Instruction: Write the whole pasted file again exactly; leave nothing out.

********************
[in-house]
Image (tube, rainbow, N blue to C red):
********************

[in-house]
Image (tube, rainbow, N blue to C red):